Unrest and an Ebola outbreak in East Congo have left many women without husbands, and children without fathers. United Methodist women from the Kivu Conference are stepping in to help.
The women in the Tabita Group have been called to help the poor and those in need, said the Rev. Omoy Wandjaka, who helped found the group.
“We are fulfilling our evangelical mission and fulfilling the Scriptures in Isaiah 1:17, which says, ‘Learn to do good, seek justice, protect the oppressed, reach for the orphan, defend the widow.’ And in Deuteronomy 10:18, ‘Who does justice to the fatherless and the widow, who loves the stranger and gives him food and clothing,” she said.
In the Kivu Conference, more than 200 widows are being served in the four districts: Goma, Uvira, Beni and Fizi. Wandjaka said the group is mostly helping with food for the families, but it plans to integrate other programs in the future.
She’s hoping to have volunteers teach the widows small trades, such as sewing, to help the women take care of themselves and their children.
“The United Methodist Church through this group of United Methodist women has been supporting me since my husband died in Goma (in 2011), which reinforces my Christian faith in The United Methodist Church,” said Fatuma Sumbu, who has five children.
Kito Bonane’s husband died in Bukavu in 2010.
“I thank the Tabita Group who gives us, every time, clothes and food. This is, for me, a consolation that the church is showing to me,” she said.
Many of the widows in Kivu lost their husbands to insecurity in conflict zones in Rutshuru, Masisi, Fizi and Beni, while others were widowed by the Ebola epidemic that continues to affect the country.
According to the World Health Organization, there has been a “marked increase” in Ebola cases in the past several weeks. Since the epidemic began in August, more than 1,100 people have been infected and at least 740 have died.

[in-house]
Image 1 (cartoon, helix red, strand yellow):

This week, WHO reconvened a panel to consider whether the outbreak should be declared a “public health emergency of international concern,” which would ramp up the international response, according to Reuters.
The outbreak and insecurity in the region are making it more difficult for the Tabita Group and others to do their work in the affected areas, Wandjaka said.
The Rev. Veronique Mwayuma, coordinator of United Methodist Women in East Congo, congratulates the women of the region for these acts of charity toward families in need.
She said Bishop Gabriel Unda is very sensitive to the matter and intervenes in the care of widows and orphans in the region.
Unda said he was orphaned at an early age and was also widowed himself, so he is especially concerned about the care of widows and orphans.
“The supervision of people in this category remains our major concern. I follow loan activities organized by the Tabita group in the Kivu Conference, precisely in Goma, ” Unda said.
He added that the training classes will enable the women to “meet the needs of their families.”
Mbilizi Bonane, president of United Methodist Women and the Tabita Group in Bukavu, also arranged for the women to bring food to prisoners in March as part of family month. She said Scripture leads the women to be in ministry with the marginalized.
“I will always accompany the prisoners by bringing help and also the Gospel for this category of people so that they can change and become new to society,” Bonane said.
Bukavu Central prisoner Celestin Buhendwa said she was grateful to The United Methodist Church and encouraged United Methodist women to continue with these acts of mercy.
Wandjaka said she prays for peace to be restored throughout the region and for the Ebola outbreak to end soon so that the activities of the Tabita Group may be effective everywhere.
“Once peace is restored and the Ebola epidemic ceases to spread throughout the region, I want to lead a general mobilization for our actions to be effective in the most remote areas,” she said.
Kituka Lolonga is a communicator in the Kivu Conference.